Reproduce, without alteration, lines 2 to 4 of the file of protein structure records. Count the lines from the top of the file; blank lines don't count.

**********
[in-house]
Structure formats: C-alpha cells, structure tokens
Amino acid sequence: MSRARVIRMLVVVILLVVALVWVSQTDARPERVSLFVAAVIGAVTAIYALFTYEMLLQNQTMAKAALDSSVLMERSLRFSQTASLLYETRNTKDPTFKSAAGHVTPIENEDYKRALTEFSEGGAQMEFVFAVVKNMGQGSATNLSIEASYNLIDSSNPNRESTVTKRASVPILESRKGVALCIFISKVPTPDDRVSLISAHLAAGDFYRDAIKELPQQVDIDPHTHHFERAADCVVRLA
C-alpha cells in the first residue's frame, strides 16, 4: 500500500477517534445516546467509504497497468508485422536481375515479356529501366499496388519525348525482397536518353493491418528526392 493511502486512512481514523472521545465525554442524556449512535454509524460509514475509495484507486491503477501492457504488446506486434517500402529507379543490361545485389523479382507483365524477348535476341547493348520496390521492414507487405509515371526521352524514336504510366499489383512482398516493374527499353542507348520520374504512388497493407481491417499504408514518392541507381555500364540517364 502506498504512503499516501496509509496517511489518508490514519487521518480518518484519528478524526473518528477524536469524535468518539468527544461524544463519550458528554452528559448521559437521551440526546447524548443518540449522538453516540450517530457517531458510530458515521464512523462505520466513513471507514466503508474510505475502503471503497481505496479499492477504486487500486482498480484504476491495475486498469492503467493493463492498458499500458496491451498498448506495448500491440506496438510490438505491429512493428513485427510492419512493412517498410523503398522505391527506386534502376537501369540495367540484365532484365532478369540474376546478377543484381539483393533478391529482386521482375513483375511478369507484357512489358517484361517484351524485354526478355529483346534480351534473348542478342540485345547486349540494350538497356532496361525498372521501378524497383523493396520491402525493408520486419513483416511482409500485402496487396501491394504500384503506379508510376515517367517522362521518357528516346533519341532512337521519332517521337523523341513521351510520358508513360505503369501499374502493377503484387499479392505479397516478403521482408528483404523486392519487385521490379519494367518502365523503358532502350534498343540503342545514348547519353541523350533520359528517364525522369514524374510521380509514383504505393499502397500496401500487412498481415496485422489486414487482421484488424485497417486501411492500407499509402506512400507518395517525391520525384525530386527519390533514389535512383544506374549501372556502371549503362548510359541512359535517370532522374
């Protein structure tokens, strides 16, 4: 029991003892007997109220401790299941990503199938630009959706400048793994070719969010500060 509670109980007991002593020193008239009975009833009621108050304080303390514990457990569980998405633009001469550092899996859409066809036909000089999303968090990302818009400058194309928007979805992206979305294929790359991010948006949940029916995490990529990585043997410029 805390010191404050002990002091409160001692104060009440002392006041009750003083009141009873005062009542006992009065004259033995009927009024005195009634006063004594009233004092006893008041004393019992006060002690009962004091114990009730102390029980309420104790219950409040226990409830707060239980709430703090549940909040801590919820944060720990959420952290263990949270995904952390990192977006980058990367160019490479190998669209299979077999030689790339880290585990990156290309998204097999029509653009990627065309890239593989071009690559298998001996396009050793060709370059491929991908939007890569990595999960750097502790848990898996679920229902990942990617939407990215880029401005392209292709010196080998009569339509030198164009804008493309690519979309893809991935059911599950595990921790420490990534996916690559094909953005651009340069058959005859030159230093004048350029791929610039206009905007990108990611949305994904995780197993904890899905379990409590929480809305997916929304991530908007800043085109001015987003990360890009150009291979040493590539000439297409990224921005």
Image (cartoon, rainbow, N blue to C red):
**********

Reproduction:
Structure formats: C-alpha cells, structure tokens
Amino acid sequence: MSRARVIRMLVVVILLVVALVWVSQTDARPERVSLFVAAVIGAVTAIYALFTYEMLLQNQTMAKAALDSSVLMERSLRFSQTASLLYETRNTKDPTFKSAAGHVTPIENEDYKRALTEFSEGGAQMEFVFAVVKNMGQGSATNLSIEASYNLIDSSNPNRESTVTKRASVPILESRKGVALCIFISKVPTPDDRVSLISAHLAAGDFYRDAIKELPQQVDIDPHTHHFERAADCVVRLA
C-alpha cells in the first residue's frame, strides 16, 4: 500500500477517534445516546467509504497497468508485422536481375515479356529501366499496388519525348525482397536518353493491418528526392 493511502486512512481514523472521545465525554442524556449512535454509524460509514475509495484507486491503477501492457504488446506486434517500402529507379543490361545485389523479382507483365524477348535476341547493348520496390521492414507487405509515371526521352524514336504510366499489383512482398516493374527499353542507348520520374504512388497493407481491417499504408514518392541507381555500364540517364 502506498504512503499516501496509509496517511489518508490514519487521518480518518484519528478524526473518528477524536469524535468518539468527544461524544463519550458528554452528559448521559437521551440526546447524548443518540449522538453516540450517530457517531458510530458515521464512523462505520466513513471507514466503508474510505475502503471503497481505496479499492477504486487500486482498480484504476491495475486498469492503467493493463492498458499500458496491451498498448506495448500491440506496438510490438505491429512493428513485427510492419512493412517498410523503398522505391527506386534502376537501369540495367540484365532484365532478369540474376546478377543484381539483393533478391529482386521482375513483375511478369507484357512489358517484361517484351524485354526478355529483346534480351534473348542478342540485345547486349540494350538497356532496361525498372521501378524497383523493396520491402525493408520486419513483416511482409500485402496487396501491394504500384503506379508510376515517367517522362521518357528516346533519341532512337521519332517521337523523341513521351510520358508513360505503369501499374502493377503484387499479392505479397516478403521482408528483404523486392519487385521490379519494367518502365523503358532502350534498343540503342545514348547519353541523350533520359528517364525522369514524374510521380509514383504505393499502397500496401500487412498481415496485422489486414487482421484488424485497417486501411492500407499509402506512400507518395517525391520525384525530386527519390533514389535512383544506374549501372556502371549503362548510359541512359535517370532522374